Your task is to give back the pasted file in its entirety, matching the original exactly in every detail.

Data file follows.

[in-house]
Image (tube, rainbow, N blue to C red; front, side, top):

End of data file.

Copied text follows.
[in-house]
Image (tube, rainbow, N blue to C red; front, side, top):